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Eight Legged Freaks 

Operatic Spider-Man 2 improves on predecessor

As Spider-Man 2 swings into cinemas and more men in tights arrive on film seemingly every month, it's strange to recall that comic book heroes didn't used to rule the multiplex. Tim Burton's Batman was an iffy proposition before it opened in 1989, and at the time fans dreaded the possibility of a big-screen version of Adam West's silly, kitschy TV series.

Since Batman, superhero films have frequently gone for gothic self-importance, but Spider-Man 2 brings camp back into the formula. The operatic, at times overblown adventure enthralls and amuses the audience without overtly winking at it.

We get reacquainted with Peter Parker (Tobey Maguire) as the amazing ... pizza delivery boy. Peter resorts to his spider-powers to get some pies delivered on time in a hilarious spoof of beat-the-clock superheroic action scenes. But the undignified effort also represents the pathetic state of Peter's life.

Repeatedly the film emphasizes that for Spider-Man to be a success, his alter ego has to be a loser. Spider-Man spends so many hours protecting New Yorkers that Peter has no time to earn money, study for college classes or maintain a social life. The film captures his unglamorous dilemma with plenty of hard-luck humor: He washes his spider-suit at the Laundromat, and the red ink ruins his white clothes.

He also refuses to admit his love to Mary Jane (Kirsten Dunst), now a successful actress and model, lest she become the target of supervillains. Peter resents the demands of his double life until, in a metaphor for repressed emotions, he suffers not from ulcers, but the random loss of his spider-powers. He tries to spray webs but literally "shoots blanks."

To be Spider-Man or not to be Spider-Man? That is the question. As in Hamlet, the story hinges on an ambivalent hero's mixed feelings. There's even a second Hamlet surrogate in Peter's best friend Harry (James Franco), who blames Spider-Man for the death of his father -- not realizing that Dad was the first film's murderous Green Goblin. At one point moody Harry threatens Spider-Man armed with a Shakespearean dagger.

Emotions build to a higher pitch with Spider-Man 2's primary villain, Dr. Otto Octavius, a fusion expert whom Alfred Molina plays initially as a level-headed potential mentor to Peter. But when a test goes spectacularly wrong, not only does Octavius lose his wife, but the four metal arms he used to control the experiment become fused to his body. Creepy, segmented things with snapping metal beaks and amoral minds of their own, the tentacles turn Octavius into a deranged supercrook nicknamed "Dr. Octopus."

When Octavius' arms attack the surgical team attempting to remove them, director Sam Raimi uses silence and shaky cameras for a terrific, terrifying sequence. Octavius resembles Frankenstein and his monster rolled into one, and when he runs amok, he scales buildings, tears car doors off their hinges and throws them like Frisbees. The energy and sense of risk in all the Doc Ock scenes suggest Raimi's heart belongs to freaky tales like his early Evil Dead movies.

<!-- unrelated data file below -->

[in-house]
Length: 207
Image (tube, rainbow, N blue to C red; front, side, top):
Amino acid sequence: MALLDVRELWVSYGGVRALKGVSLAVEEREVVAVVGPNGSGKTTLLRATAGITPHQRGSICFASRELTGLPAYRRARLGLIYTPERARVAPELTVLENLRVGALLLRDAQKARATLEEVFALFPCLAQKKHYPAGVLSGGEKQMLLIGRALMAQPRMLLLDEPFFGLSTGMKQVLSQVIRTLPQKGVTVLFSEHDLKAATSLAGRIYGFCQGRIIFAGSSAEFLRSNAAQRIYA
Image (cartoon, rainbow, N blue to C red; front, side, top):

Like in the first Spider-Man, the CGI effects frequently look weightless and cartoony. The special effects guys can get away with computer-enhanced monsters or natural disasters, but not when they replace flesh-and-blood actors with pixels. Fortunately the sheer velocity and ingenuity of the action scenes propels the viewer along, especially when Spider-Man fights Octavius on the sides of skyscrapers and atop a speeding subway.

Molina and Maguire fare best with their understated moments -- Molina in his avuncular, pre-tentacled scenes, Maguire when he considers "outing" himself as Spider-Man to his friends and family. But during the film's most melodramatic moments, both actors put on unintentionally comic expressions, with eyes popping and lips bulging.

Spider-Man 2's cast frequently strike poses while caught in spotlights or buffeted by unseen winds -- it's strangely easy to imagine the material as a musical. J.K. Simmons, returning as tabloid publisher J. Jonah Jameson, proves most comfortable with the film's heightened nature. Simmons plays the brash, cheerfully arrogant role to the hilt, like one of His Girl Friday's motor-mouthed newshounds, and leaves the milder characters, like Bill Nunn's level-headed editor, looking lost.

Raimi labors to bring grace to the film's quieter scenes. Maguire and Dunst bump into lines like, "I'm not an empty seat any more!" and Peter's sweet Aunt May (Rosemary Harris) clucks endlessly about the nature of heroism. Raimi rarely evokes New York in the droll, effortless way the Men in Black films do, but Spider-Man 2 does find an unexpectedly tender moment when bystanders protect a wounded Spider-Man on a subway car.

The filmmakers' appreciation for comic book iconography frequently pays off. The opening credits recap the first film's big moments through the work of acclaimed comic book painter Alex Ross. When Peter throws his spider-suit into a trashcan, the shot and dialogue evokes the cover for the old "Spider-Man No More!" issue. Despite some campy excesses, Spider-Man 2 brings the classic comic book character to life more vividly than the previous film. In the words of the wall-crawler's old theme song, "Action is his reward," and whenever Spider-Man 2 gets up to speed, audiences will feel the same way.

curt.holman@creativeloafing.com

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